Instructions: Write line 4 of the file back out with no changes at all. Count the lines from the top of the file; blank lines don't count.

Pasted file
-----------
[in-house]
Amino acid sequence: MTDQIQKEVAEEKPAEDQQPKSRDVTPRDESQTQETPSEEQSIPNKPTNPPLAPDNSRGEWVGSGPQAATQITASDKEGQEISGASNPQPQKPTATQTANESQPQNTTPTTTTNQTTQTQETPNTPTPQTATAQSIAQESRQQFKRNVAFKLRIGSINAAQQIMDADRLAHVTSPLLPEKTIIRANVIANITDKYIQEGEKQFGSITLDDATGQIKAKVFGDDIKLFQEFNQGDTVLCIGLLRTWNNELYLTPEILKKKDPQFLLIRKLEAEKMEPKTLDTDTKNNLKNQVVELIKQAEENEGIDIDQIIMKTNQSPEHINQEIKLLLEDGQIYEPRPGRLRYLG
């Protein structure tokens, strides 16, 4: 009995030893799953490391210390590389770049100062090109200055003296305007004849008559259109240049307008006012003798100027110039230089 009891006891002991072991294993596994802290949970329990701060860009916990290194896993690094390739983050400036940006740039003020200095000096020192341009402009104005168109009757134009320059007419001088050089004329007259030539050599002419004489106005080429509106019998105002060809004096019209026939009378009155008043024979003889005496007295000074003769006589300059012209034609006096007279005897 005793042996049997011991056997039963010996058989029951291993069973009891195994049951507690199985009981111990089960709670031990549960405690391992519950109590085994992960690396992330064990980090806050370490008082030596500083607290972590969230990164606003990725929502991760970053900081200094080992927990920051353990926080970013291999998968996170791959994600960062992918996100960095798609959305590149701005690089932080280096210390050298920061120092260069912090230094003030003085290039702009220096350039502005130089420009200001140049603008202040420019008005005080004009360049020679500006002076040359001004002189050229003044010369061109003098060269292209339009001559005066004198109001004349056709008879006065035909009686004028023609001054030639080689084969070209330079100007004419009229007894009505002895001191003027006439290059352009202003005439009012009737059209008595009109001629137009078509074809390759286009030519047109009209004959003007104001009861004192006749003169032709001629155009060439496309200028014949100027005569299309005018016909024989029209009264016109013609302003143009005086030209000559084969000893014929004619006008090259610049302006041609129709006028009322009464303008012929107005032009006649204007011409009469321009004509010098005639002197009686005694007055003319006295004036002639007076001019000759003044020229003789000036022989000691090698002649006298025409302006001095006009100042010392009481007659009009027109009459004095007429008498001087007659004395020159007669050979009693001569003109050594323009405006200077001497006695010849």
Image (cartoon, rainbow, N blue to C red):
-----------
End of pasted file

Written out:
Image (cartoon, rainbow, N blue to C red):